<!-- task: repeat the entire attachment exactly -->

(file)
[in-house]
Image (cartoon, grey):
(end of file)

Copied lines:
[in-house]
Image (cartoon, grey):